Subject: Re: Le mat?riau Sonore, hidden place
From: Morgan Sutherland (firstname.lastname@example.org)
Date: Thu Sep 15 2005 - 21:25:29 EDT
This is so true about piano. I've been doing improv on piano for a
while, but I do not have a real piano. I play on synthesizers and
vintage casio things with mini-keys, but when i get to play a real
piano every once in a while, it's the most amazing experience. No
piano emulation I've played comes remotely close.
I want to play a piano with mini-keys, they allow you to cover a lot
more of the frequency domain. Or a ltitle more.
That's all besides the point. I do not deny the advantages of acoustic
instruments, I just think there's something for the computer musician
to learn from the instrumentalist.
On 9/15/05, Shane Turner <email@example.com> wrote:
> I guess this is more of a response to both Ned and Morgan's posts.
> While it is true that a computer can create a lot of different sounds, there
> are certain things it just cannot create, at least in my opinion. I've been
> strictly a computer musician for a long time but the past couple of years,
> thanks to hanging out with a few friends, I started really experimenting
> with acoustic instruments and this for me opened up a whole different world
> I had been missing out on.
> Take a piano, it is amazing the sheer variety of timbres and sounds you can
> get out of it if you explore a bit. Prepared piano (which in itself can
> create an amazing wealth of different sounds), this is only the beginning.
> You want noise, try scraping the coils, etc. Want strange tones, try bowing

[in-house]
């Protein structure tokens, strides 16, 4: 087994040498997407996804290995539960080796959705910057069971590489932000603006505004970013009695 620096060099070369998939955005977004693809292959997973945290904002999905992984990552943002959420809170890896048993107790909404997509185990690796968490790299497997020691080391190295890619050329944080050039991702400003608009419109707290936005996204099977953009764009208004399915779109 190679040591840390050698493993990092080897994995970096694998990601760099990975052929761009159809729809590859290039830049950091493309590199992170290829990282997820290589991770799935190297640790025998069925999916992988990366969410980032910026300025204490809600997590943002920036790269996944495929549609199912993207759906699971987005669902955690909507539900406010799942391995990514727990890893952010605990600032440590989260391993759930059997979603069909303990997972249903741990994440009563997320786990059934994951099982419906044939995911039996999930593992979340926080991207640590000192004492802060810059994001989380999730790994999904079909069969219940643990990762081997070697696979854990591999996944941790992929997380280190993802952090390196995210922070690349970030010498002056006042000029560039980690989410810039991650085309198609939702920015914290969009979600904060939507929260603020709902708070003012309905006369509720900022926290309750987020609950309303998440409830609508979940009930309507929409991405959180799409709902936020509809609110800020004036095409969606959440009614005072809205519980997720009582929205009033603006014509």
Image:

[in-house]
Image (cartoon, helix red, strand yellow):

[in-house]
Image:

> the strings, and go for the points that create overtones, etc. The richness
> of the sound is incredible, and always varied and different. While I love
> tinkering around with computer software, the immediacy and hands-on feel of
> a live instrument is also hard to beat.
> Be the first on your block to surprise your friends with unusual sounds they
> can't duplicate in software. Experiment with an acoustic instrument Today.
> ----- Original Message -----
> From: "Morgan Sutherland" <firstname.lastname@example.org>
> To: <email@example.com>
> Sent: Thursday, September 15, 2005 8:08 PM
> Subject: Re: Le mat?riau Sonore, hidden place
> >I don't think you would disagree that a computer has a much broader
> > pallet of sound then ANY instrument.
> > On 9/15/05, Ned Bouhalassa <firstname.lastname@example.org> wrote:
> >> A sampler/cd/turntable/cassette deck can make any noise in existence,
> >> but only because it _records_ other sounds. If you're talking about
> >> synthesized sound, then I disagree. I've yet to hear any
> >> computer-synthesized sound that comes close to the richness of timbre
> >> of most acoustic instruments and sounds in general. I believe it has to
> >> do with the natural chaos of transient material and unpredictability of
> >> partials over time occuring in a natural setting, but... I'm in over my
> >> head. You guys and gals will surely correct my pop acoustics.
> >> Ned
> >> On 15-Sep-05, at 7:19 PM, Morgan Sutherland wrote:
> >> > The computer can make virtually any noise in
> >> > existence while an acoustic instrument is confined to a narrowband of
> >> > timbre, however with many many possibilities within those limits.
> >> w w w . n e d f x . c o m
> >> 様様様様様様様様様
> >> Ned Bouhalassa
> >> 様様様様様様様様様
> >> n e d @ n e d f x . c o m
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